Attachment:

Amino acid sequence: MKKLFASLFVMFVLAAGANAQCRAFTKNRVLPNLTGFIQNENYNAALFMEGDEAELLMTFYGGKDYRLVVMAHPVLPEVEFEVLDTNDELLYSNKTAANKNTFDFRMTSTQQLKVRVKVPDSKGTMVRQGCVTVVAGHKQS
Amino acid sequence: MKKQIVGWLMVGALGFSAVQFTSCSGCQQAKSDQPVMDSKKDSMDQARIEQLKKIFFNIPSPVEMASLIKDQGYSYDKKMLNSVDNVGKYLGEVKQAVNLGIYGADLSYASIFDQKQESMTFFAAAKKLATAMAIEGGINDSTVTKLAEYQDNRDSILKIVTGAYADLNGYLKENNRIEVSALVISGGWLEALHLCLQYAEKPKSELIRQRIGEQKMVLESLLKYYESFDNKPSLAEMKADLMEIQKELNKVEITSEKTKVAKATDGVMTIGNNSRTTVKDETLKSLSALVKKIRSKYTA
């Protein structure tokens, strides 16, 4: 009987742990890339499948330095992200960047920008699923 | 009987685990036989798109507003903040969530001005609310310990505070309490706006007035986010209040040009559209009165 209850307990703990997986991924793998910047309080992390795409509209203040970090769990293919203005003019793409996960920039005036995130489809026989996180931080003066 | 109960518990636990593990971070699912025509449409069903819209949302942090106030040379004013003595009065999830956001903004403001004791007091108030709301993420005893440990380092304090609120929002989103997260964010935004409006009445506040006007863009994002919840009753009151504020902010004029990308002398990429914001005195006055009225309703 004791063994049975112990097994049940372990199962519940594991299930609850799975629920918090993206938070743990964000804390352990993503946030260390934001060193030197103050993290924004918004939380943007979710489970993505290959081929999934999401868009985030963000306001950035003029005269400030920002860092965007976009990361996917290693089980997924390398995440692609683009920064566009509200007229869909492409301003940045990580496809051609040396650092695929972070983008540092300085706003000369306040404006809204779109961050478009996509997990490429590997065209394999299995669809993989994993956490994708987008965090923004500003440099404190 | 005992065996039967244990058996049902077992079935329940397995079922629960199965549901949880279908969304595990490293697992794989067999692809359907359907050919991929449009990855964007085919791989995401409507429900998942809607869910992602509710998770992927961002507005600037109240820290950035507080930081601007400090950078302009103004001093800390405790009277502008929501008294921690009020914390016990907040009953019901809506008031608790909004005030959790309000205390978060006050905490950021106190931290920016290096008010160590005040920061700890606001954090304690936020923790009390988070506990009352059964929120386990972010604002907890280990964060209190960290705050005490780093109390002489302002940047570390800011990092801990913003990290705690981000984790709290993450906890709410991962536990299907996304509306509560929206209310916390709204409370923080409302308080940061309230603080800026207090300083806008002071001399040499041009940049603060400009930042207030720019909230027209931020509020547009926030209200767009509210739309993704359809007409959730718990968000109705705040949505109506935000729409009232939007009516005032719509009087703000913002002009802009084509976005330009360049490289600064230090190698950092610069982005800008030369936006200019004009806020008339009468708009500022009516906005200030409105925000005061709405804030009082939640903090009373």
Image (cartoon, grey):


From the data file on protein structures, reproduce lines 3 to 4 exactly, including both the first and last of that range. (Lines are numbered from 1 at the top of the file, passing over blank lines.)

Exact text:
């Protein structure tokens, strides 16, 4: 009987742990890339499948330095992200960047920008699923 | 009987685990036989798109507003903040969530001005609310310990505070309490706006007035986010209040040009559209009165 209850307990703990997986991924793998910047309080992390795409509209203040970090769990293919203005003019793409996960920039005036995130489809026989996180931080003066 | 109960518990636990593990971070699912025509449409069903819209949302942090106030040379004013003595009065999830956001903004403001004791007091108030709301993420005893440990380092304090609120929002989103997260964010935004409006009445506040006007863009994002919840009753009151504020902010004029990308002398990429914001005195006055009225309703 004791063994049975112990097994049940372990199962519940594991299930609850799975629920918090993206938070743990964000804390352990993503946030260390934001060193030197103050993290924004918004939380943007979710489970993505290959081929999934999401868009985030963000306001950035003029005269400030920002860092965007976009990361996917290693089980997924390398995440692609683009920064566009509200007229869909492409301003940045990580496809051609040396650092695929972070983008540092300085706003000369306040404006809204779109961050478009996509997990490429590997065209394999299995669809993989994993956490994708987008965090923004500003440099404190 | 005992065996039967244990058996049902077992079935329940397995079922629960199965549901949880279908969304595990490293697992794989067999692809359907359907050919991929449009990855964007085919791989995401409507429900998942809607869910992602509710998770992927961002507005600037109240820290950035507080930081601007400090950078302009103004001093800390405790009277502008929501008294921690009020914390016990907040009953019901809506008031608790909004005030959790309000205390978060006050905490950021106190931290920016290096008010160590005040920061700890606001954090304690936020923790009390988070506990009352059964929120386990972010604002907890280990964060209190960290705050005490780093109390002489302002940047570390800011990092801990913003990290705690981000984790709290993450906890709410991962536990299907996304509306509560929206209310916390709204409370923080409302308080940061309230603080800026207090300083806008002071001399040499041009940049603060400009930042207030720019909230027209931020509020547009926030209200767009509210739309993704359809007409959730718990968000109705705040949505109506935000729409009232939007009516005032719509009087703000913002002009802009084509976005330009360049490289600064230090190698950092610069982005800008030369936006200019004009806020008339009468708009500022009516906005200030409105925000005061709405804030009082939640903090009373």
Image (cartoon, grey):